The court recognized the "normal adolescent parent/child conflict" between Tiffany and the parties' oldest child, but concluded that the evidence did not demonstrate any effect on her ability to parent. The court also recognized that Robert and Tiffany had different approaches to parenting, with Tiffany being more structured and strict. The court recognized that the evidence demonstrated some character flaws in both Robert and Tiffany, but that "none of their imperfections are of significance." The court concluded that the parties' minor character flaws were generally balanced and did not weigh in favor of either party.

The court specifically recognized the new living arrangements that would be enjoyed by Robert and Tiffany, Tiffany's new employment, the new school environments that each would provide for the children, and the extracurricular activities available to the children in each party's new location. The court concluded that those factors were balanced and did not weigh in favor of either party.

The court ultimately concluded that "there are very few factors of significance to weigh in making [the physical custody] decision." The court weighed continuing physical custody with Tiffany as "the most significant factor" and noted that it would "result in the most consistency and continuity for the children."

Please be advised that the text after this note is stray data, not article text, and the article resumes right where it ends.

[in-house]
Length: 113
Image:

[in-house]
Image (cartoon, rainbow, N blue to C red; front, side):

This appeal followed.


Robert's only assignment of error on appeal is that the district court erred in awarding physical custody of the parties' minor children to Tiffany.


Robert asserts that the district court erred in awarding physical custody of the parties' minor children to Tiffany. Upon our review of the evidence, we find that there was evidence to support the court's determination both parties were fit and proper to have physical custody and that the court did not abuse its discretion in awarding physical custody to Tiffany.

Child custody determinations are initially entrusted to the discretion of the trial court, and although reviewed de novo on the record, the trial court's determination will normally be affirmed absent an abuse of discretion. Wild v. Wild, 15 Neb.App. 717, 737 N.W.2d 882 (2007). A judicial abuse of discretion requires that the reasons or rulings of a trial judge be clearly untenable, unfairly depriving a litigant of a substantial right and a just result. Robb v. Robb, 268 Neb. 694, 687 N.W.2d 195 (2004).